In early 2009, the Bureau of Labor Statistics noted that over 40 states recorded an increase over last year in the number of layoffs. In February alone over 600,000 workers were caught up in layoffs. If you and your family have found yourself in this position, here are some steps to help you cope with this painful change.
1. Don’t panic — assess where you stand When you lose your job, you should try to remain as calm as you can and see exactly what the situation is. Ask yourself:
How much money do we have in the bank? How much are our monthly bills? How much am I receiving for severance? What do we need to modify in the budget?
2. Update your friends and family about the situation You may feel embarrassed or ashamed by what happened. Do not let that negative thinking stop you from getting emotional support. Ask your network to please keep their eyes and ears open for any employment opportunities that they might hear about.
You should also ask your family to help you come up with ideas to earn extra money and/or decrease your expenses. Having everyone on the same page will allow you to work through this challenge together as a family.
3. Open your mind to different jobs You need to cast a wide net, so don’t just look for jobs exactly like your last one. Being too focused on one particular job may decrease your chances of finding work. You might also consider taking on part-time work to keep you from hemorrhaging financially. Until you find a suitable job, working part time can generate income and provide you with a schedule that allows you to go on job interviews.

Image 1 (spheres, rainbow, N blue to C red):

4. Update your budget At this point you should try to focus on cutting any nonessential expense from your budget. Living within your means is going to be tougher as you make this transition. Update your budget with the new income amount and see where you can adjust accordingly.
If you can’t pay all your bills, then prioritize where your money goes. First and foremost, your money should go to housing and food. Utilities such as electricity are also important so focus on those next. You should also give priority to medical bills and expenses when updating your budget.
5. Stay away from credit cards You might be tempted to put your expenses on a credit card until you can find a job. Don’t do it. Credit cards should be a last resort. Instead, see if you qualify for any sort of government assistance to help make ends meet.
This could mean filing for unemployment or applying for state insurance. Remember, this is only temporary — you’ll eventually get out of this predicament. Relying on credit cards can put you in an even deeper hold given the high interest rates and fees associated with them.
Now it’s your turn… Losing a job can be a very painful experience, especially if you have a family. Remember, you can’t do this alone. Rather, you should seek the help of others when getting back on your feet.
Do you have any tips for dealing with job loss? What’s the most important step?